Two weeks into the quarter and the portfolio changed.
The problem? External market forces created the need for the managers to change their minds.
Here are the costs of that time:
- The time teams spent forecasting the gross estimates as opposed to finishing value on their current projects.
- The time teams spent creating detailed estimates as opposed to finishing value on their current projects.
- The context switching for the managers and the teams to dip into this decision, back out again, dip back in, back out, and finally decide.
Did the forecasts and estimates make a difference in the managers' decisions?
One senior manager sighed and said, “No. We had the top three projects at that first meeting. We could have decided then and there. To be honest, we could have put more teams on those three projects and finished them faster. We didn't need any of that forecasting or estimation data to make good decisions.” He paused for a moment. “We needed to work together and that was hard.”
Why Management Decision Time Matters
Management decision time matters because:
- Every request for more information interrupts the team's current work.
- More importantly, the team starts to explore future work, not finish the current work.
- The managers lose their context to make a decision quickly.
I'm all for looking ahead, so you don't prematurely remove options. The question is who looks ahead for what?
- On this project, the team looks ahead for the product strategy.
- For future work, the management team considers the strategy for the organization.
Different contexts, different lookaheads, different decisions.
The faster the management team decides—especially if they don't change the portfolio, the fewer interruptions the team has to their current work. They can finish faster. (It's fine to have a project portfolio meeting and say, “Carry on. No changes for now.”)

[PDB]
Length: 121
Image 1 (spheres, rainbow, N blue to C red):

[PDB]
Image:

When managers reduce the T0 to T1 time, the teams don't feel whiplash. The teams focus on their work.
What Prevents Short Management Decision Time?
Every time I see management chaos for the project portfolio, the organization's reward system is the root cause.
It doesn't matter what the reward system is (MBO or OKR). When the managers have individual rewards that create competition: for teams, for marketing time, for product management, anything that the product needs, the managers compete with each other. The managers don't work together.
The more competition among managers, the longer the management decision time. (See Modern Management Made Easy Book 3 for specific ways to deal with individual manager goals.)
If you reward the managers as a team, you'll get shorter decision times (management cycle time) and shorter team cycle times. All because everyone optimizes for a superior goal.
If you want to create an agile culture, start with the managers. When managers work in flow efficiency, they reduce their decision time. And, the teams benefit.
Update: See the Japanese translation here: https://www.servantworks.co.jp/posts/why-minimize-management-decision-time/